This study uses a mixed methods approach to workplace dynamics. Ethnographic observations show that the consent deal underlies an informal stratification that divides the workplace into an "informal periphery," a "conventional core" and an "administrative clan." The "consent deal" is defined as an exchange of autonomy, voice and schedule flexibility for intensified commitment, and is modeled as a single factor underlying these elements. When constructed as an additive scale, consent allows informal organization to be included in workplace models. Despite its derivation from subjective and informal processes, informal structure exerts an independent effect on objective job rewards such as wages.
Perreira, Krista M.
Harris, Kathleen Mullan, 1950-
Bollen, Kenneth A.
What Are We Measuring? An Evaluation of the CES-D Across Race/Ethnicity and Immigrant Generation [Access article in PDF] Subject Headings:
Center for Epidemiologic Studies (U.S.)
Depression in adolescence -- United States -- Longitudinal studies.
Minority teenagers -- Mental health services -- United States -- Longitudinal studies.
Health status indicators -- United States -- Longitudinal studies.
The sociological study of the mental health of racial-ethnic minorities depends on the measurement quality of the instruments used to evaluate mental health. A commonly used instrument in research on mental health disparities, the Center for Epidemiologic Studies Depression Scale (CES-D), has not been thoroughly validated for use in the multiethnic and foreign-born populations currently living in the U.S. Using data from the National Longitudinal Study of Adolescent Health, this analysis provides the first multiethnic evaluation and psychometric analysis of the CES-D by acculturation level among youth ages 12–20. Correcting for the measurement problems contained in the CES-D improves the ability to detect differences in depression across ethnocultural groups, and to identify relationships between depression and other outcomes.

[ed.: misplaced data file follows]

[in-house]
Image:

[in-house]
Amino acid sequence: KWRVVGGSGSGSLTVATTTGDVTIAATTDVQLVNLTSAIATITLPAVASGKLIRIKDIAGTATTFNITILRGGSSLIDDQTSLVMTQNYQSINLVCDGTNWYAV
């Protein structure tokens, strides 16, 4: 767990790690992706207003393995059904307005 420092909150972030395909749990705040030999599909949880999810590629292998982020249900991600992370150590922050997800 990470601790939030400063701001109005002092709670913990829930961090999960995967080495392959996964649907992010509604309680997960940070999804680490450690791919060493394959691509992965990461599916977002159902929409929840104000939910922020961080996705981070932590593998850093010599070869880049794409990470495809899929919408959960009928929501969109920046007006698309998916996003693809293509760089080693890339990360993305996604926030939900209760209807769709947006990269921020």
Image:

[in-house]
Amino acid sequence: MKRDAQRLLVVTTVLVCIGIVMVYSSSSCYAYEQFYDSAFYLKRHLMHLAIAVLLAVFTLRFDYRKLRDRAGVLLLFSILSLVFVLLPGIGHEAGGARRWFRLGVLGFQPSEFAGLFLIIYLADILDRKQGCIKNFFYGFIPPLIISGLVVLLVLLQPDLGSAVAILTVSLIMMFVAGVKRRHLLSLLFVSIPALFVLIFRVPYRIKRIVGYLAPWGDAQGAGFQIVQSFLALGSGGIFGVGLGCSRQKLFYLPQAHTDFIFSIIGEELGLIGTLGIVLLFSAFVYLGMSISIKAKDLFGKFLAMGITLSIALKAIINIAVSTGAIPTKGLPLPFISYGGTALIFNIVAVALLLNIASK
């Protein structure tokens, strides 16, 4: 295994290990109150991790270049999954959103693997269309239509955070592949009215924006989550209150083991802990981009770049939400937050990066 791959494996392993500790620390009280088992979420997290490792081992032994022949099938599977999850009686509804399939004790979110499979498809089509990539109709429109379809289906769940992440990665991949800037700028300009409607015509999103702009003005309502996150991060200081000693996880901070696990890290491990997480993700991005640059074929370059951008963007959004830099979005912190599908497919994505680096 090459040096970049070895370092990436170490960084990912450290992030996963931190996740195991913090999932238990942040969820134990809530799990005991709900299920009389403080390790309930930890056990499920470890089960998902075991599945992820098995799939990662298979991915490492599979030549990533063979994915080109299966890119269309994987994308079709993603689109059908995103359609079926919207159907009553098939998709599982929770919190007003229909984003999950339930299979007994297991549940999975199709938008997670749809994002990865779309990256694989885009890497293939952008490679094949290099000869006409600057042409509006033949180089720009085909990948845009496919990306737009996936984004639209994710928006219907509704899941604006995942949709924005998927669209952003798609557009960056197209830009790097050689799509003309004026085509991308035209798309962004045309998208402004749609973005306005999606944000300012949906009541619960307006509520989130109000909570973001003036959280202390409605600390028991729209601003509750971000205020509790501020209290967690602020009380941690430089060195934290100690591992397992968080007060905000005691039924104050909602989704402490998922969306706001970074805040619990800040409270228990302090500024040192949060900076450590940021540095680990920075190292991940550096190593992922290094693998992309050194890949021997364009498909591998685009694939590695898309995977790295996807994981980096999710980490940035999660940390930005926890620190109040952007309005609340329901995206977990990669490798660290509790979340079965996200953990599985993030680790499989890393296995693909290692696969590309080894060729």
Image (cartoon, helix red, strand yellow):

Housing -- United States -- History -- 20th century.
Homeowners -- United States -- Family relationships -- History -- 20th century.
Women -- United States -- Social conditions -- 20th century.
Using institutional ethnography we examine the Own-Your-Own-Home (OYOH) movement as a configuration of ideological practices designed to reorder gender, family and housing arrangements in the United States during the early 20th century. We describe the social organization of these practices — with particular emphasis on the coordinating activity of the OYOH Section of the Department of Labor — and provide specific examples from texts of the National Archives and Research Administration. These texts are part of an historic, ongoing process of work organization that coordinated other sequences of action at multiple sites of production within the housing enterprise. We demonstrate that the texts of the campaign organized white, working class, married couples with children as the owners of homes.
Iraq War, 2003- -- Prisoners and prisons, American.
Abu Ghraib Prison.
Prisoners of war -- Abuse of -- Moral and ethical aspects -- Iraq.
The outrage over revelations of torture and abuse at Abu Ghraib prison has faded from public discourse, but a number of questions remain unanswered. This paper criticizes official rationalizations offered for the abuse. We make the case that these abuses are systemic, resulting from dehumanization of the enemy and the long reliance on and refinement of torture by the United States national security agencies. We also consider the spread of torture in the current war "on terror," and we call on sociologists to become involved in the study of torture and prisoner abuse.
The derivative nature of public sociology resting on academic research and theory is widely perceived as a central challenge to establishing its legitimacy for faculty recruitment, promotion and graduate training. While public sociology can be derivative, it need not be. This brief essay explains how, with three illustrations of large public campaigns that succeeded in changing social institutions and also produced articles in major journals, grants and a book.